News from the Civic Media Center

by Joe Courter

October was breathtaking for the Civic Media Center. A lot of preparation led up to the very successful 25th anniversary celebration on Friday evening, Oct. 19, when the CMC hosted Democracy Now!’s host Amy Goodman for a double-header event; first a meet and greet benefiting the CMC’s low power FM station WGOT with the fine people from Afternoon Restaurant hosting, and then right across the parking lot at Working Food a full house of over 200 people got to hear a great talk from one of the leading journalists of our time.

For those who missed the talk, it is available for streaming at, and a partial video can be seen at

At least 20 CMC volunteers were there to help out from set up to break down. Jacob Adams provided a flawless sound system. Area restaurants Leonardo’s 706, East End Eatery, Gyro Plus, Sweetwater Branch Inn, and again Afternoon, provided food. After her over-an-hour talk, Amy stayed to sign books and talked with everyone who stayed around – a very genuine, warm person. And then at the conclusion of the event, Coordinators Kaithleen Hernandez and Emily Arnold, Fred Sowder from WGOT and others invited Amy to come down to the CMC itself to take a look at what it was she’d come to support, and from what I heard she was very impressed. As much as we were with her.  

That done, then came the next week and four nights of music in a row, starting Thursday with “Queer the Fest,” a CMC-produced music show featuring LGBTQ artists as sort of an antidote to the much too white, much too straight Fest, which was all over Gainesville Friday, Saturday, and Sunday, including the CMC as a venue for each of those nights. Adding to the tempo on the block, the CMC courtyard hosted a Saturday afternoon of lively ska bands organized by Vinnie from Less Than Jake, who are also residents on the block with their merchandise headquarters Paper and Plastic. Lots of fun (and work) and a lot of refreshments provided, all benefiting the CMC.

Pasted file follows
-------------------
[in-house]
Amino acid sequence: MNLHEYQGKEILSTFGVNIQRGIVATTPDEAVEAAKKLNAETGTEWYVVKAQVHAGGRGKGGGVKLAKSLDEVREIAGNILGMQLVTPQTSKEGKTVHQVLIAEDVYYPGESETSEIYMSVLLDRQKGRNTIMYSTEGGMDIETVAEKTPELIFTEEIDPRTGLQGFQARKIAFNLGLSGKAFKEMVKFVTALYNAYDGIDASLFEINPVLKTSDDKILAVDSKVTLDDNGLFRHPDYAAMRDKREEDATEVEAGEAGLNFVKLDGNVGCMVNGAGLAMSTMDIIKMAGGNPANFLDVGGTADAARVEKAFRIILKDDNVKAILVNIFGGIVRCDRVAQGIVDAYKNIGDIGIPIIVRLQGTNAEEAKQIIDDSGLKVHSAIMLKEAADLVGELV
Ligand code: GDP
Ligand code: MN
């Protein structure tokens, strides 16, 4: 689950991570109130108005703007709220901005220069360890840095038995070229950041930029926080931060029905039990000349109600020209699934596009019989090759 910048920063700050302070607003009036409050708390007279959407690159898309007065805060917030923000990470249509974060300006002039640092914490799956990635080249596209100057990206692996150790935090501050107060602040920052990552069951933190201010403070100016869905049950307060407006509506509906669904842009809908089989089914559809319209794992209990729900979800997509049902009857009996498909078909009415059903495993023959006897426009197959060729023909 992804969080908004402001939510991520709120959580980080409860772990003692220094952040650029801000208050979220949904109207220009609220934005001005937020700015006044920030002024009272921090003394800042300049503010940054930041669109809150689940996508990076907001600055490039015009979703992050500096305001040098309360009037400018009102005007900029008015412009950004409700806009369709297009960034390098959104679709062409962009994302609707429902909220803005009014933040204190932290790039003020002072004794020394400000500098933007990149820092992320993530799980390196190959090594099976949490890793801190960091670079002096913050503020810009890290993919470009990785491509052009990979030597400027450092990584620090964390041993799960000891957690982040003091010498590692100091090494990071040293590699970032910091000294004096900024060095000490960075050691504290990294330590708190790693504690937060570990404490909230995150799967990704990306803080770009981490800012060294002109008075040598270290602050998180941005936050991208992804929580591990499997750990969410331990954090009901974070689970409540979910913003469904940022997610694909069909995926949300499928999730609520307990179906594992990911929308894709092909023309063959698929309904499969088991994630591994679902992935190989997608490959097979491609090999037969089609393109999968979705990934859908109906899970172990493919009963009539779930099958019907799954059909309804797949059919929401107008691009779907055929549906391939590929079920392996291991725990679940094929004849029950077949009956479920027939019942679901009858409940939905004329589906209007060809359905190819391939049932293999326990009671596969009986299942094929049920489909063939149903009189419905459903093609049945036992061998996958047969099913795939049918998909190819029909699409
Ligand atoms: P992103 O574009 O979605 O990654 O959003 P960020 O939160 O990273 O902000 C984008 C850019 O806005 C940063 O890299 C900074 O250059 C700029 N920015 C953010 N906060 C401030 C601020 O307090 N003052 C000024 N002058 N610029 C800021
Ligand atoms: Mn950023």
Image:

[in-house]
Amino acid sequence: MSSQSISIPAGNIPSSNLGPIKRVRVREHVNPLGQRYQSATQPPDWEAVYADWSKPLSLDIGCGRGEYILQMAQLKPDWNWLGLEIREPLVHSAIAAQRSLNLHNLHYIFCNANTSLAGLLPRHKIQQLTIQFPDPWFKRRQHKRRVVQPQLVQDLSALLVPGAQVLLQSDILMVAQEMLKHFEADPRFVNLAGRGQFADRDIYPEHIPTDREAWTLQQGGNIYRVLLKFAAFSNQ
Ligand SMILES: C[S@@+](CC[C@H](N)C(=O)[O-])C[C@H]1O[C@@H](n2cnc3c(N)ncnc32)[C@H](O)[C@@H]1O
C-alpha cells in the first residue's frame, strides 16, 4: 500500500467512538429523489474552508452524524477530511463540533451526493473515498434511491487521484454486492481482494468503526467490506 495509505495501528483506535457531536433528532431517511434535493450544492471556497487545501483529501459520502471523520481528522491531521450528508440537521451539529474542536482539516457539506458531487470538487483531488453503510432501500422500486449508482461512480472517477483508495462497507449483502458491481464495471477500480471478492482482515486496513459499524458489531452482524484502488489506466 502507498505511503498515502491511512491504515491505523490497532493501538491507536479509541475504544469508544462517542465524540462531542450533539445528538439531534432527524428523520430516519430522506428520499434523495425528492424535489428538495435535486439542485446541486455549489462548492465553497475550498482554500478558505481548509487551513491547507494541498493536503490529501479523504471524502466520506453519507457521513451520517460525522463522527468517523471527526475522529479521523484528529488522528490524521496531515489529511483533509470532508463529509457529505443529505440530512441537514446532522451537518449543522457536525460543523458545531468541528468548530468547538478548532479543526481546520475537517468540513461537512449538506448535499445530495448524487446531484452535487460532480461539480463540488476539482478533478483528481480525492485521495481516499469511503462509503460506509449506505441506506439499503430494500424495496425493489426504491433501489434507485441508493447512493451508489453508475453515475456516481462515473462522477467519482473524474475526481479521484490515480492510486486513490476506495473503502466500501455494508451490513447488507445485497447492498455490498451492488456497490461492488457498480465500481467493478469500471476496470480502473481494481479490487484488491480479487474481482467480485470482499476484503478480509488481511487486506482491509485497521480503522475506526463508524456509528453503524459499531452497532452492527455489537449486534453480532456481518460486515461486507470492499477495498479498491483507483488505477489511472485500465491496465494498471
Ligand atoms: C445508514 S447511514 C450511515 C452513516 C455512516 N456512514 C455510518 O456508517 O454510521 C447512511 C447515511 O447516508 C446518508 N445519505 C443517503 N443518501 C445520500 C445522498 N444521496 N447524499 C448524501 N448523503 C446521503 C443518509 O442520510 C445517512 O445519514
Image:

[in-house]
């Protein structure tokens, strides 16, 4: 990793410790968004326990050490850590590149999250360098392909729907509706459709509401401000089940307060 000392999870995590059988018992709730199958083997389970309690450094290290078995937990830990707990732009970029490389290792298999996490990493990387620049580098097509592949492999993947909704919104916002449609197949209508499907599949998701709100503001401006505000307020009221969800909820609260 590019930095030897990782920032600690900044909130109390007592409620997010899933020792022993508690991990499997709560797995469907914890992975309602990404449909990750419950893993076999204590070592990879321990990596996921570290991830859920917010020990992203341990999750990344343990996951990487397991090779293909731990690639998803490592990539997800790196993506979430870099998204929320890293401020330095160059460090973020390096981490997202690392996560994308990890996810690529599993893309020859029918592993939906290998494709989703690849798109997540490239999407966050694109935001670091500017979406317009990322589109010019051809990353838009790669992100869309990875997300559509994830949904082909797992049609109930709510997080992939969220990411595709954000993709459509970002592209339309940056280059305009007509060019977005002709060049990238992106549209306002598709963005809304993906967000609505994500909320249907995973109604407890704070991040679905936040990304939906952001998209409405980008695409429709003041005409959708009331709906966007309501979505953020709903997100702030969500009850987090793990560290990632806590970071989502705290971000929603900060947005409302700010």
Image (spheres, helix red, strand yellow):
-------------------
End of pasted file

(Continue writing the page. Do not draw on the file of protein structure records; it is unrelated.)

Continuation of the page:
I said ska in the prior paragraph as a reference to music, but SKA has taken on a new meaning for the Civic Media Center. In this case it is a place, the Stetson Kennedy Annex. In the space vacated by Sequential Artists Workshop to the rear of the CMC, this multi-level area will now be a place for a needed expansion for the CMC. It has already proved to be an asset for hosting two events at the same time, and presently a staging area for sorting out a major book donation from the beloved Jack Price (over 40 boxes of books), who moved to a VA care facility from his home due to declining health. It was a $400 increase in rent but a major opportunity to enhance the CMC’s operations and a fitting optimistic way to begin its 25th year of operations.

As was emphasized at the anniversary program, the CMC is looking to build a monthly donor support system, a regular donation of a small amount of money from a lot of people to help underwrite the rather staggering expense of maintaining a place like the CMC. The anniversary was a big success, and we will be putting some of that into needed infrastructure such as new chairs, and better lighting and sound equipment, as music shows are proving a good fundraising tool (plus, hey, music is part of media). The CMC is a 501(c)3 non-profit, and your help is greatly appreciated!

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